One thing I do know and our game there this season was a reminder of your days involved with Hornchurch who of course won the FA Trophy last season. When did your association with the Urchins begin?

When I was at Basildon United, I met a very good friend, Ronnie Hanley and he was involved with a club called Purfleet who later changed their name to Thurrock and he took me there as a goalkeeping coach.  Their manager left and went to Hornchurch and took me with him.  Whilst at Thurrock and at Hornchurch we got through to the 1st Round of the FA Cup on four occasions and played league opposition each time. Two games were on national TV and that was a very good time of my career.

We move it on to around 2013/14 and you come back to Cray Wanderers under Keith Bird’s management. How did that come about?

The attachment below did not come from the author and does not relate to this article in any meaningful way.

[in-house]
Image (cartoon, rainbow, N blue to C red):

I came back under Keith and I knew Michael Paye as he was a Cray player when I was Assistant Manager and of course there was a new proposed ground round the corner. Then from Keith and Micky and then Gary Abbott, onto Tommy Warrilow then Tony Russell and of course now Danny Kedwell so have been around the club under five management teams.

Now I alluded at the start here that you helped out our two mascots Tommy and Bertie at the recent FA Trophy tie with Bedfont Sports with a bit of coaching.

BROMLEY, GREATER LONDON, ENGLAND – NOVEMBER 13: Team Mascot gets put through his paces before the The Buildbase FA Trophy match between Cray Wanderers and Bedfont Sports at Hayes Lane on November 13, 2021 in Bromley, Greater London, England . (Photo: © Jon Hilliger / HilligerPix)